Summertide (1990) introduced the Heritage Universe. Scientists, entrepreneurs, and the merely curious flock to a star system where a very rare solar change is about to occur, possibly linked to mysterious alien artifacts present nearby. The absent aliens left behind myriad traps and tests, which almost wipe out a party of explorers in Divergence (1991). In Transcendence (1992), the aliens prove to be dormant, not extinct. Once awakened, they engage in an ambitious plan to assert their power. Convergence (1997) and Resurgence (2002) extend the sequence without reaching a definite conclusion. Cold As Ice (1992) inaugurated another series. Once again, a major war has devastated much of humanity, which has established colonies throughout the inner solar system. Plans to create a new colony on the moon Europa lead to a new crisis, with some interesting commentary on the conflict of interest between those who wish to exploit natural resources and those who prefer to preserve them. The Ganymede Club (1995) expands on the situation and provides much more detail about life in the artificial habitats outside Earth. The arrival of aliens in the final installment, Dark As Day (2002), precipitates the decision to unite to meet the new challenge. This trilogy seems likely to stand as Sheffield’s most accomplished work, with its sophisticated understanding of the intricacies of human politics and the contradictions inherent in human society, no matter how the outward form may change. Brother to Dragons (1992) is set in the aftermath of an economic collapse, seen from the viewpoint of an unlikely teenaged hero who grows to maturity and saves the world from a new plague. Godspeed (1993) is a lost colony story that has many parallels to Treasure Island by Robert Louis Stevenson. Cut off from Earth, settlers on a distant world struggle to battle not only their new environment, but also the depredations of space traveling pirates.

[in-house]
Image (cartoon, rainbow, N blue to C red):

Higher Education (1996), written in collaboration with Jerry POURNELLE, was the first of several books Sheffield wrote for the young adult market, all of which are of exceptionally high quality and are quite similar in plot if not setting. A troubled teenager drops out of school and becomes a miner in the asteroid belt, where he matures and eventually solves a murder. Sheffield’s other young adult novels are The Billion Dollar Boy (1997), whose teenaged protagonist is a rich kid who is accidentally transported to a mining world where he grows out of his preconceptions of life. A second, Putting Up Roots (1997), focused on two teenagers who are unhappy about their relocation to a colony world until they get caught up in a first contact situation. The third, The Cyborg from Earth (1998), centers on another troubled teenager, this one a washed out astronaut trainee who undertakes a dangerous mission.
Sheffield’s last few adult novels were a decidedly mixed bag. Tomorrow and Tomorrow (1997), the story of a man who awakens from suspended animation into a very different world, contains some interesting speculation but is unusually slow paced for Sheffield. Aftermath (1998) shows civilization on Earth destroyed once again, this time because Alpha Centauri becomes a supernova and bombards the Earth with particles generated by the explosion. Efforts to build a shield run into difficulties in the sequel, Starfire (1999), due to the efforts of fanatics to sabotage the project because they believe that humanity should be allowed to die out. The Spheres of Heaven (2001) is an ambitious space opera in which a race of aliens who eschew violence quarantines the solar system to prevent humanity from spreading its brand of belligerence, but their efforts prove to be inadequate.
Don D'Ammassa, Encyclopedia of Sience Fiction, 2005